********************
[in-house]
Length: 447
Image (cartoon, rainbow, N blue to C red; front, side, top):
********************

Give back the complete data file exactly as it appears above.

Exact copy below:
[in-house]
Length: 447
Image (cartoon, rainbow, N blue to C red; front, side, top):